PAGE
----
On Thursday, February 7th Studio Chi will be hosting Doran Larson, Walcott-Bartlett Professor of Literature & Creative Writing at Hamilton College, for two events that are free and open to the public. Larson is the Director and Principal Investigator of the NEH-funded The American Prison Writing Archive.
The American Prison Writing Archive is the largest collection to date of materials written and submitted by currently incarcerated people, prison staff, and volunteers. The archive contains over 1,600 essays, and is freely available online. Essays can be browsed and read similar to an anthology, or sorted by title, author, state, specific prison, or more than a dozen author attributes, such as ethnicity, veteran, gender identity and religion.
“The mission of the APWA is to replace speculation on and misrepresentation of prisons, imprisoned people, and prison workers with first-person witness by those who live and work on the receiving end of American criminal justice. “
Much of this enhanced access is the result of volunteer transcribers, who word process handwritten text so that the contents can be more easily read and the text searched. If you are interested in transcribing and can’t make the 11:00 workshop on Thursday, you can apply to become a registered transcriber for the project and contribute in a way that fits your schedule.
Larson is available for informal discussions between 12:30 and 2:00 in the Richardson Library Idea Lab 2 (room 207). Larson’s presentation, “Digital Witness in the Era of Mass Incarceration: Prison Testimony and the Ethics of Textual Analysis,” starts at 3:30 in Idea Lab 2.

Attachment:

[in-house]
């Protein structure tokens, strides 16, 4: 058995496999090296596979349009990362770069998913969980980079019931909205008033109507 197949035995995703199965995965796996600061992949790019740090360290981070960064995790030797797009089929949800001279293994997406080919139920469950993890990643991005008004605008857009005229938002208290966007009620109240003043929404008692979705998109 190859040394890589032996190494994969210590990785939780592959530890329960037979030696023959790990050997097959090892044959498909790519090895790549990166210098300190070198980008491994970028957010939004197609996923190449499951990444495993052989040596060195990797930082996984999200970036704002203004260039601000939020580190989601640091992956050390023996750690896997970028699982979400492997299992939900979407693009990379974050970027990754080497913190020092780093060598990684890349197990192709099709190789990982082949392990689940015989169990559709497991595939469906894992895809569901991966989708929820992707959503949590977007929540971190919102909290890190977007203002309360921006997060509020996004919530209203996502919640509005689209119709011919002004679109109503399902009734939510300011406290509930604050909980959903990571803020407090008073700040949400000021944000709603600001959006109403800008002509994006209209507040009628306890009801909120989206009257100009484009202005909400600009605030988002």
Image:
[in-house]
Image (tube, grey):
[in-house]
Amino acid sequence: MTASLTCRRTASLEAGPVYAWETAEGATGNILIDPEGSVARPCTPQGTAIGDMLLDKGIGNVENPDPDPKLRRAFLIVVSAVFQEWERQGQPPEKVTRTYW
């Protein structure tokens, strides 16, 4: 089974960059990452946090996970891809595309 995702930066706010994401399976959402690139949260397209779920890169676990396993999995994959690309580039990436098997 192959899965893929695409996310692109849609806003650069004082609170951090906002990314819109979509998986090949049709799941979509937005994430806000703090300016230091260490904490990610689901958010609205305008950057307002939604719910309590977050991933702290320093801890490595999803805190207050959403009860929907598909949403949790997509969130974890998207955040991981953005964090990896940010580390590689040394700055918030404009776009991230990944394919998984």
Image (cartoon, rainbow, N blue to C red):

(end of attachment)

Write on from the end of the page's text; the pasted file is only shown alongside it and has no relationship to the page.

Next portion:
Prisoner writings, advocacy on behalf of incarcerated individuals, and the role of the arts in prison have long been a focus of DePaul’s Special Collections and Archives, with archival collections such as the Sr. Helen Prejean papers, the Daniel Berrigan and Berrigan-McAlister collections, the Rick Cluchey papers, and the Companions Journeying Together records. Prison History and Literature is a focus area within the rare book collection. 2018’s Incarceration exhibit in Special Collections and Archives garnered interest from DePaul student groups and faculty, resulting in exhibit talks, an evening panel/presentation, and instruction sessions.
Nicholas Anderson, a graduate student from the College of Education and a Research Associate at DePaul, was interested in applying digital scholarship text analytics methods on the American Prison Archive. In collaboration with Ana Lucic, Digital Scholarship Librarian, Anderson requested a digital copy of the American Prison Archive. The current focus of their work is on analyzing the themes that connect the essays that in turn can point to common issues facing the incarcerated population.
DePaul faculty and staff who are active with or interested in prison-related research or teaching are especially encouraged to attend Thursday’s events, to drop in for informal conversations from 12:30 to 2:00, or to contact Lisa Dush or Studio Chi for more information.